Each of the sampling agents 102 generates reporting data packets, which provide diagnostic network traffic data relating to the sampled data packets flowing through the switches or routers. The sample collector 104 collects these reporting packets from a number of the sampling agents 102 from which it can construct a detailed, real-time, picture of traffic on the entire network 200. The diagnostic information within the reporting packets can be used to detect faults and overload conditions on the network 200, as well as balance the way in which traffic sources are connected to the routers or switches. Misconfigured switches and routers can present security problems and result in poor performance. Analysis of the traffic measurements may reveal that traffic is not being routed or filtered as intended and thus help identify configuration problems.

Preferably, the reporting packets are transmitted without delay to the sample collector 104 from the respective sampling agents 102, so that the sample collector 104 has real-time access to the diagnostic data. Preferably, the reporting packets are transmitted in an asynchronous manner in order to prevent overloading the network, which may otherwise occur if the reporting packets were synchronously transmitted to the sample collector 104. It should be noted that the functions of the sample collector 104 can be implemented in hardware, firmware, software, or in combination thereof. Preferably, however, the functions of the sample collector 104 are implemented in a computer program having computer executable instructions, which may be stored on any suitable medium, such as a hard drive or CD-ROM, and may be executed to perform the required instructions. Further details regarding the general structure, function, and operation of sampling agents and sample collectors are disclosed in U.S. patent application Ser. No. 09/438,680, which has previously been incorporated herein by reference.

In performing its traffic monitoring functions, the sample collector 104 generates a data traffic matrix containing traffic flow counts, much like the traffic matrix 12 illustrated in FIG. 2. For the purposes of this specification, a particular traffic flow count is the number of times a categorized data traffic item associated with a unique pair of source and destination nodes is transmitted through the network. The data traffic item can be any category of traffic data desired to be measured, e.g., a data packet, byte, or connection. A traffic item may be contained within a “traffic flow,” which for the purposes of this specification, refers to a set of one or more data packets associated with a node pair over a given interval. The traffic between a node pair may be made up of a single flow, or it may be made up of a plurality of separate flows, depending on the level of detail used to separate one flow from another. For example, flows may be distinguished by more detailed addressing (selecting more specific end-points from within the source or destination node) or by more detailed protocol or type information extracted from fields in the data packets or derived therefrom. Thus, a particular traffic flow count that is obtained for a particular node pair may be for a specific traffic flow between that node pair, or may be for a total traffic flow between the node pair.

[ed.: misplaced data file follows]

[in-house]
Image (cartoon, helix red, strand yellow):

In any event, the traffic flow counts are derived from sampled traffic flow counts, which may be obtained from the reporting data packets collected from the sampling agents 102. For the purposes of this specification, a sampled traffic flow count is the number of times a traffic item associated with a unique node pair is sampled by a respective sampling agent 102. Notably, a particular traffic item associated with a unique node pair may be sampled several times, in which case, it will be counted several times, or may not be sampled at all, in which case, it will not be counted.

The sampled traffic flow counts can be obtained from the sampling agents 102 in any one of a variety of manners. For example, the reporting data packets may contain the actual traffic flow counts itemized for each flow seen between each unique node pair over a given interval, in which case, the sample collector 104 need only directly extract the sampled traffic flow counts from the reporting packets. Because this would require complex time-synchronization between the sample collector 104 and sampling agents 102, the sampled traffic flow counts are preferably calculated by the sample collector 104. In particular, the reporting packets collected by the sample collector 104 will contain raw data (e.g., the source and destination addresses of nodes for each instance of a sampled data packet, the type and size of the data packet, etc.) from which the sample collector 104 may derive the sample traffic counts in any suitable manner, depending on the nature of the particular traffic item to be measured. For example, if the traffic item is categorized by data packet, the sample collector 104 may simply derive the sampled traffic flow count by counting each sampled data packet associated with the respective pair of unique nodes. If the traffic item is categorized by byte, the sample collector 104 may derive the sampled traffic flow count by counting each sampled data packet that contains the unique node pair and multiplying that count by the average byte count per data packet. If the traffic item is categorized by connection, the sample collector 104 may derive the sampled traffic flow count by counting each sampled data packet that indicates that a connection has been made between the unique node pair. If the traffic item is sub-categorized by class or protocol, the sample collector 104 may simply derive the sampled traffic flow count by only counting each traffic item in that class or protocol associated with the unique node pair.